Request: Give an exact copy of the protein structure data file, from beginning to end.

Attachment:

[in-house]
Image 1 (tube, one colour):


[in-house]
Image 1 (tube, one colour):